On their fourth studio album Knight Area again produced a high international level of progressive rock music. They can easily compete with all the big names in the prog rock scene. Nine Paths is highly recommended to people who love the music of Pallas, Pendragon, Arena, Genesis and Yes. I think Nine Paths is a superb album that must be heard by all people who call themselves prog heads.
Sea of Tranquility
As ever Pieter van Hoorn (drums) and Gijs Koopman (bass and Taurus pedals) hit home hard with their rock solid approach, although neither is constrained into their positions, with room to roam and flourish given and taken in abundance. Add to that the ever so sweet vocals of Smit - think a less easy-ozy Yogi Lang (RPWL) - and there's simply no denying that Knight Area have conjured up a glorious concoction capable of beguiling and captivating those of a traditional, Neo and Metal Prog nature. Delain vocalist Charlotte Wessels shows up to embellish to heady potion on "Please Come Home", but in truth you don't need any other reason to invest in this album other than its sheer class and beauty.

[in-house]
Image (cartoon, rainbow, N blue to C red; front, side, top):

"Nine Paths" is a blistering assault on the musical senses as the album covers a variety of sounds that all may not be heard without multiple listenings. The album was one part Dream Theater and one part Europe. Mark Smit has a very melodic sounding voice that lends itself very well alongside the key work Gerben Klazinga on tracks such as "The River".While songs like "Pride and Joy" feature the fantastic bass and guitar grooves of Gijs Koopman and Mark Vermeule. Though the album is a progressive rock album there was a very jazz/easy listening element to the album which I thought was an interesting approach.